Finally, as grounds for precluding application of the federal time-bar in his case, McNeal cursorily asserts that he is actually innocent of the offenses of which he was convicted. See Doc. No. 10 at 2-3. Demonstrated actual innocence may trump a time-bar in habeas proceedings and act as a gateway through which a petitioner can pass to have the claims in his § 2254 petition reviewed. See Rozzelle v. Sec'y, Fla. Dep't of Corr., 672 F.3d 1000, 1011 (11th Cir. 2012); Wyzykowski v. Dep't of Corr., 226 F.3d 1213, 1218 (11th Cir. 2000). In Schlup v. Delo, 513 U.S. 298 (1995), the United States Supreme Court held that habeas petitioners asserting actual innocence as a gateway to review of defaulted claims must establish that, in light of new evidence, "it is more likely than not that no reasonable juror would have found petitioner guilty beyond a reasonable doubt." 513 U.S. at 327. "[T]he Schlup standard is demanding and permits review only in the extraordinary' case." House v. Bell, 547 U.S. 518, 538 (2006). "In the usual case the presumed guilt of a prisoner convicted in state court counsels against federal review of [untimely] claims." Id. at 537. "It is important to note in this regard that actual innocence' means factual innocence, not mere legal insufficiency. See Sawyer v. Whitley, 505 U.S. 333, 339 (1992)." Bousley v. United States, 523 U.S. 614, 623-24 (1998); Doe v. Menefee, 391 F.3d 147, 162 (2d Cir. 2004) ("As Schlup makes clear, the issue before [a federal district] court is not legal innocence but factual innocence."). As the Supreme Court observed in Schlup:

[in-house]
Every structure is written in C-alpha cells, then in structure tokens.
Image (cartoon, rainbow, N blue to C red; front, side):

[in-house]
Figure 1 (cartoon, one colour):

[A] substantial claim that constitutional error has caused the conviction of an innocent person is extremely rare.... To be credible, such a claim requires petitioner to support his allegations of constitutional error with new reliable evidence - whether it be exculpatory scientific evidence, trustworthy eyewitness accounts, or critical physical evidence - that was not presented at trial. Because such evidence is obviously unavailable in the vast majority of cases, claims of actual innocence are rarely successful.